You probably know about it or have seen the YouTube video that has millions, and millions of people viewing it — probably again and again. This dad shot “dead” his teenage daughter’s laptop. If you aren’t aware of this video, watch it below; I think seeing the dad is important: he’s a trim-looking, cowboyish-type dude. He looks like an easy going guy. And he had a cute hat on too.
I looked around on the TV shows to see what psychologists had to say about this incident. And please, never call me a psychologist; call me a psychotherapist – I don’t want to be even accidentally identified with some of the unbelievably stupid comments I heard from them regarding whether the father did the right thing…
Warning: if there are children around, there are some bad words in the video, but I think they are important because of the context and because of who said them.
The only difference between that dad and me? I would have re-loaded. There is a point at which you’ve more than got to draw a line in the sand. I was impressed with him. I think what he did was completely right on.
I think some of the folks who are against it, are against it because they’re freaked out by the gun. If he had put the laptop in a trash compactor, there would probably be less reaction to it. I think a lot of people who don’t handle guns got freaked out by it, but if you see his demeanor through the entire video, there’s no “psycho” behavior there. He’s totally in control. He’s very relaxed. You can tell he’s in pain as a parent and he’s had enough. I stand 100% by what he did, including the posting of it, although I have no idea what’s going on in that family right now.
I’ve got a feeling someone’s going to offer him a television show!
And if you’d like to have a laugh, there’s a mom who did a spoof of the laptop- shooting dad. By the way, she totally supports what that dad did.
I am very happy to tell you about my hero, Anthony Orsini, the principal at Benjamin Franklin Middle School in Ridgewood, New Jersey. He recently sent the following email to all parents of children attending his school:
Dear BF Community:
When I arrived in Ridgewood, Facebook did not exist, YouTube did not exist, and MySpace was barely in existence. Formspring (one of the newest Internet scourges, a site meant simply to post cruel things about people anonymously) wasn’t even in someone’s mind.
In 2010, social networking sites have now become commonplace, and technology use by students is beyond prevalent.
It is time for every single member of the BF community to take a stand!
There is absolutely no reason for any middle school student to be a part of a social networking site!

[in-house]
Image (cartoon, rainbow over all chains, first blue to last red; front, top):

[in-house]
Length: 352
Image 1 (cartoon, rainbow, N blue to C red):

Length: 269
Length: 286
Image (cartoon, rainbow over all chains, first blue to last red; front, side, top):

Let me repeat that – there is absolutely, positively no reason for any middle school student to be a part of a social networking site! None.
5 of the last 8 parents who we have informed that their child was posting inappropriate things on Facebook said their child did not have an account. Every single one of the students had an account.
3 students yesterday told a guidance counselor that their parents told them to close their accounts when the parents learned they had an account. All three students told their parents it was closed. All three students still had an account after telling their parents it was closed.
Most students are part of more than one social networking site.
Please do the following: sit down with your child (and they are just children still) and tell them that they are not allowed to be a member of any social networking site. Today!
Let them know that you will at some point every week be checking their text messages online! You have the ability to do this through your cell phone provider.
Let them know that you will be installing Parental Control software so you can tell every place they have visited online, and everything they have instant messaged or written to a friend. Don’t install it behind their back, but install it!
Over 90% of homework does not require the Internet, or even a computer. Do not allow them to have a computer in their room. There is no need.
Know that they can text others even if their phone doesn’t have texting capability, either through the computer or through their iPod Touch.
Have a central “docking system,” preferably in your bedroom, where all electronics in the home get charged each night, especially anything with a cell or with wi-fi capability (remember when you were in high school and you would sneak the phone into your bedroom at Midnight to talk to your girlfriend or boyfriend all night – now imagine what they can do with the technology in their rooms).
If your son or daughter is attacked through one of these sites or through texting, immediately go to the police! Insist that they investigate every situation. Also, contact the site and report the attack to the site – they have an obligation to suspend accounts, or they are liable for what is written.
We as a school can offer guidance and try to build up any student who has been injured by the social networking scourge, but please insist the authorities get involved.
For online gaming, do not allow them to have the interactive communication devices. If they want to play Call of Duty online with someone from Seattle, fine. They don’t need to talk to the person.